Infectious particles can be shared through aerosols and droplets formed as the result of normal respiration. Whether Abs within the nasal/oral fluids can similarly be shared between hosts has not been investigated. The circumstances of the SARS-CoV-2 pandemic facilitated a unique opportunity to fully examine this provocative idea. The data we show from human nasal swabs provides evidence for the aerosol transfer of Abs between immune and nonimmune hosts.
Subject(s)COVID-19 , Humans , Immunity, Humoral , SARS-CoV-2 , Respiratory Aerosols and Droplets , Pandemics
The impacts of interferon (IFN) signaling on COVID-19 pathology are multiple, with both protective and harmful effects being documented. We report here a multiomics investigation of systemic IFN signaling in hospitalized COVID-19 patients, defining the multiomics biosignatures associated with varying levels of 12 different type I, II, and III IFNs. The antiviral transcriptional response in circulating immune cells is strongly associated with a specific subset of IFNs, most prominently IFNA2 and IFNG. In contrast, proteomics signatures indicative of endothelial damage and platelet activation associate with high levels of IFNB1 and IFNA6. Seroconversion and time since hospitalization associate with a significant decrease in a specific subset of IFNs. Additionally, differential IFN subtype production is linked to distinct constellations of circulating myeloid and lymphoid immune cell types. Each IFN has a unique metabolic signature, with IFNG being the most associated with activation of the kynurenine pathway. IFNs also show differential relationships with clinical markers of poor prognosis and disease severity. For example, whereas IFNG has the strongest association with C-reactive protein and other immune markers of poor prognosis, IFNB1 associates with increased neutrophil to lymphocyte ratio, a marker of late severe disease. Altogether, these results reveal specialized IFN action in COVID-19, with potential diagnostic and therapeutic implications.
Subject(s)Blood/metabolism , COVID-19/immunology , Interferons/blood , Proteome , Transcriptome , COVID-19/blood , Case-Control Studies , Datasets as Topic , Humans , Inpatients
Subject(s)COVID-19 , Hypersensitivity , Albuterol , Humans , Pandemics , SARS-CoV-2 , Terbutaline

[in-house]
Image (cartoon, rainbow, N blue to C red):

In early 2020, the first US and Canadian cases of the novel severe acute respiratory syndrome coronavirus 2 infection were detected. In the ensuing months, there has been rapid spread of the infection. In March 2020, in response to the virus, state/provincial and local governments instituted shelter-in-place orders, and nonessential ambulatory care was significantly curtailed, including allergy/immunology services. With rates of new infections and fatalities potentially reaching a plateau and/or declining, restrictions on provision of routine ambulatory care are lifting, and there is a need to help guide the allergy/immunology clinician on how to reinitiate services. Given the fact that coronavirus disease 2019 will circulate within our communities for months or longer, we present a flexible, algorithmic best-practices planning approach on how to prioritize services, in 4 stratified phases of reopening according to community risk level, as well as highlight key considerations for how to safely do so. The decisions on what services to offer and how fast to proceed are left to the discretion of the individual clinician and practice, operating in accordance with state and local ordinances with respect to the level of nonessential ambulatory care that can be provided. Clear communication with staff and patients before and after all changes should be incorporated into this new paradigm on continual change, given the movement may be forward and even backward through the phases because this is an evolving situation.
Subject(s)Allergy and Immunology , Betacoronavirus , Coronavirus Infections/prevention & control , Delivery of Health Care , Pandemics/prevention & control , Pneumonia, Viral/prevention & control , COVID-19 , Humans , Immunologic Deficiency Syndromes/complications , SARS-CoV-2 , Telemedicine
In the event of a global infectious pandemic, drastic measures may be needed that limit or require adjustment of ambulatory allergy services. However, no rationale for how to prioritize service shut down and patient care exists. A consensus-based ad-hoc expert panel of allergy/immunology specialists from the United States and Canada developed a service and patient prioritization schematic to temporarily triage allergy/immunology services. Recommendations and feedback were developed iteratively, using an adapted modified Delphi methodology to achieve consensus. During the ongoing pandemic while social distancing is being encouraged, most allergy/immunology care could be postponed/delayed or handled through virtual care. With the exception of many patients with primary immunodeficiency, patients on venom immunotherapy, and patients with asthma of a certain severity, there is limited need for face-to-face visits under such conditions. These suggestions are intended to help provide a logical approach to quickly adjust service to mitigate risk to both medical staff and patients. Importantly, individual community circumstances may be unique and require contextual consideration. The decision to enact any of these measures rests with the judgment of each clinician and individual health care system. Pandemics are unanticipated, and enforced social distancing/quarantining is highly unusual. This expert panel consensus document offers a prioritization rational to help guide decision making when such situations arise and an allergist/immunologist is forced to reduce services or makes the decision on his or her own to do so.